if i can just learn some of the basic rules of thumb like this it
        would be very helpful. The real problem is that the author of this
        program has (evidently) spent a great deal of time writing the clip
        help files, but they are mostly useless to 99% of the population.
        Simple things like this should be easy to look up and figure out,
        but they arent.
      • loro
        Hello, ... I don t think there is a ^!CommandLine command. The CommandLine bit is just sample text representing the actual command line, just as it s
        Message 3 of 4 , Jul 10, 2004
        • 0 Attachment
          Hello,

          dwc77 wrote:
          >. Anyway i still have no clue why this doesnt work;
          >^$GetDocName$
          >^!CommandLine C:\P..Files\folder\prog.exe parameters $GetDocName$

          I don't think there is a "^!CommandLine" command. The CommandLine bit is
          just sample text representing the actual command line, just as it's
          expressed with the ^!Shell command.

          ^!Shell CommandLine
          ^!CommandLine

          The problem here is that there is no space in-between, hence gets
          confusing. I think it used to be expressed differently or I sure would have
          misunderstood that too! So, to start the calculator you don't write
          ^!CommandLine calc.exe
          You write
          ^!calc.exe
          Anyway, "^!Shell" is replacing the older "^!" so I guess that's what we
          should use.

          Next, when you use a function, basically as soon as whatever-it-is *does*
          something, it's always prefixed with a circumflex. So if you change your
          line to the below it will hopefully work.

          ^!C:\P..Files\folder\prog.exe parameters "^$GetDocName$" (I assume the
          path needs to be quoted)

          You had ^$GetDocName$ (with the circumflex!) on the line above the actual
          command. Don't know why you put it there but it doesn't do anything.


          Lotta
        • Larry Thomas
          ... The problem with your command line appears to be the missing double quotes ( ). You have: ^!Shell C: Program Files Pretty HTML 3.7 prettyhtml.exe -ftba
          Message 4 of 4 , Jul 10, 2004
          • 0 Attachment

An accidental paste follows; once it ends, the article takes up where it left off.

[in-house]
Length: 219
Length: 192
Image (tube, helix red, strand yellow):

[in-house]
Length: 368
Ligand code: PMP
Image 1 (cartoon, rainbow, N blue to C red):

At 12:35 AM 7/11/04 -0000, you wrote:

            >That works great Larry, but i have no idea why. I appreciate the
            >detailed answers from you guys, but heres the problem. I can see so
            >many possibilities for clips and i could come here everyday for
            >months with numerous questions on how to make and use them, but i
            >would quickly feel like i was imposing. I would like to at least
            >learn how to do (or figure out) the simple stuff myself, and i
            >thought running a command line on the current document whould be
            >about as simple as you can get. Yet, i could have spent many many
            >hours looking through the help docs and would never have figured out
            >how to do it this way. I mean, logic would tell me that
            >^!CommandLine is used to run command lines and also i would have
            >thought that ^$GetDocName$ and $GetDocName$ (or perhaps instead
            >^$GetDocumentPath$) would be used to find and insert the document
            >name. In the help files it states that "^$GetDocName$ returns the
            >active document name, if no index is specified, or the document name
            >at specified index position." Of course we are just supposed to
            >already know what "index position" means, no info on that is
            >anywhere to be found. This is a classic example of how the help
            >files are often useless to those who are not already knowledgeable
            >about programming. Anyway i still have no clue why this doesnt work;
            >^$GetDocName$
            >^!CommandLine C:\P..Files\folder\prog.exe parameters $GetDocName$

            The problem with your command line appears to be the missing double quotes
            (").

            You have: